Medical malpractice and the pandemic: it’s complicated

Since the first appearance of COVID-19 in the U.S., American healthcare providers have been working tirelessly to address every aspect of the pandemic. The general public saw on a daily basis how frontline workers were making sacrifices day in and day out to keep as many people healthy as possible. But while the media focused on this heroic work, behind the scenes, COVID was prompting significant changes to malpractice laws and regulations at the state and federal levels.

Providers should be aware of both what has happened and of the changes we could see in coming months and years.

Early Pandemic

As a medical malpractice insurer, we have been keeping a close eye on the pandemic, because global health events such as this have the potential to expose both insureds and insurers alike to staggering liabilities. Thankfully, in New York state, where EmPRO is headquartered, the Governor and the legislature moved swiftly to enact emergency measures that shielded healthcare professionals from the worst liabilities. Had they not done so, the pandemic had the potential to lead to the proposal of new, more stringent regulations and policies, which in turn could have resulted in increased premiums.

New York state was hit incredibly hard with COVID cases right from the start, with the first confirmed case on March 1, 2020. The legislature and the governor produced the Emergency Disaster Treatment Protection Act (EDTPA), which extended broad immunity to healthcare providers and facilities.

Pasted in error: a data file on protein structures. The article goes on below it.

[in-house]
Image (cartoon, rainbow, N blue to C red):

Around the state, hospitals overrun with COVID patients had to bring in nurses from out-of-state, bring healthcare providers out of retirement, build temporary facilities to provide COVID care, and enlist doctors, nurses, PAs and others to provide services out of title—meaning outside their usual purview of care.

The EDTPA granted them immunity from liability in the diagnosis and treatment of COVID patients, as well as non-COVID patients whose treatment was impacted by a facility’s response to the pandemic. Before we knew precisely how to care for COVID patients, many frontline healthcare providers had reasonable concerns that experimental treatments could not only expose them to the disease, but lawsuits as well. The EDTPA helped alleviate those fears.

Medical malpractice attorney Tom Benvenuto, JD, of Benvenuto & Slattery says this was a critical decision that empowered healthcare providers to make every effort to save patients without fear of legal action: “The immunity the EDTPA provided to New York healthcare professionals was essential to the state’s response and handling of the pandemic because it enabled physicians to pursue necessary measures to care for patients that may have otherwise been construed as extraordinary under otherwise normal circumstances,” he said.

The federal government issued its own legislation on protections for frontline workers, facilities, and even PPE equipment. The Public Readiness and Emergency Preparedness (PREP) Act provides liability immunity related to the manufacture, testing, development and, importantly for medical providers, the use of medical countermeasures against pandemics (among other public health emergencies).